Wed., December 19, 2012 5:09pm (EST)

New Plan For Violent Offenders
By Ellen Reinhardt
Updated: 2 years ago

ATLANTA  —  
Better supervision of violent offenders leaving prison is among new recommendations by the Special Council On Criminal Justice Reform.  80 to 100 of the state’s most dangerous prisoners are released into the community each week without any supervision.   The Council recommends inmates who serve the maximum sentence and don’t face probation spend the last three to six months of their term in a halfway house. ( photo courtesy of Aliks Jendlent via flikr)
Better supervision of violent offenders leaving prison is among new recommendations by the Special Council On Criminal Justice Reform. 80 to 100 of the state’s most dangerous prisoners are released into the community each week without any supervision. The Council recommends inmates who serve the maximum sentence and don’t face probation spend the last three to six months of their term in a halfway house. ( photo courtesy of Aliks Jendlent via flikr)
Better supervision of violent offenders leaving prison is among new recommendations by the Special Council On Criminal Justice Reform.

80 to 100 of the state’s most dangerous prisoners are released into the community each week without any supervision.

The Council recommends inmates who serve the maximum sentence and don’t face probation spend the last three to six months of their term in a halfway house.They would also get mental health services and job placement counseling.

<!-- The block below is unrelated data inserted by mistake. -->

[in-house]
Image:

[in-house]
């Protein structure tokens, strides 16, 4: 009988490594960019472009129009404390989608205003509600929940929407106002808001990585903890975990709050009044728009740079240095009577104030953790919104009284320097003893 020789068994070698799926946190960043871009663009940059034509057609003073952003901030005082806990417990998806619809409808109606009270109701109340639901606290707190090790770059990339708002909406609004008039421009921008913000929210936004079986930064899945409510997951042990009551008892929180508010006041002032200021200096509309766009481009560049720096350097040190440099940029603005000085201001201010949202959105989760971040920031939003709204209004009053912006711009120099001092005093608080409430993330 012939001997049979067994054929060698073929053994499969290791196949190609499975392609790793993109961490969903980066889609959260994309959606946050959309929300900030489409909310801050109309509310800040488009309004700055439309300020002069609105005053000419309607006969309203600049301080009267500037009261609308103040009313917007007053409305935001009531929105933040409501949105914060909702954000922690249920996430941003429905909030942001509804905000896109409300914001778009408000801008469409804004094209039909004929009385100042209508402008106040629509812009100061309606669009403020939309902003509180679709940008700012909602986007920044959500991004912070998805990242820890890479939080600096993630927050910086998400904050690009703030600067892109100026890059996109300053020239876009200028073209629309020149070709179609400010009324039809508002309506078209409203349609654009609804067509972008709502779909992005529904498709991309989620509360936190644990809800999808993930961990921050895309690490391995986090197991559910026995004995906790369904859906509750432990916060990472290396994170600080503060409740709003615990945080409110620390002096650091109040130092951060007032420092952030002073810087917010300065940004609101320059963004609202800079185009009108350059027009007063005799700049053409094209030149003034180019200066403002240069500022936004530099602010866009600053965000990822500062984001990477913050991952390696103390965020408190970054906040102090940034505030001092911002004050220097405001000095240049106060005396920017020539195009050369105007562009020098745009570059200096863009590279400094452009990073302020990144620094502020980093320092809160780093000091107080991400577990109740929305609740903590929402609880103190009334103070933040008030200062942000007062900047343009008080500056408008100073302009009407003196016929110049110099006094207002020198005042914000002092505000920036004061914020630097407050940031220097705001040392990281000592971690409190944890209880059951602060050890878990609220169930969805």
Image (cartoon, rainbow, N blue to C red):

Judge Michael Boggs, co-chair of the Council, says some prisoners are under armed guard for years, then one day they’re set free with 25 dollars and a bus ticket:

He says “You might have an offender that literally has to be escorted everywhere they go in prison. And when they’re released, they’re escorted by armed guards to the front door of the prison and they are released into your community with absolutely nobody keeping an eye on them.”

He says that needs to change. “Because we do have data that suggests the first 90 days out are a very, very dangerous time for recidivism.” says Boggs.

The state has 13 Transitional Centers. Corrections Commissioner Brian Owens says many centers serve non-violent offenders who don’t need as much supervision.

“This recommendation would allow us to put them on administrative or unsupervised status. And then we could refocus those probation officers to these higher risk individuals. So the fiscal impact would be a net zero. But the operational impact would be enhanced public safety.” he says.

Boggs is optimistic the General Assembly will pass legislation in 2013 based on the recommendation. The legislature begins its session in January.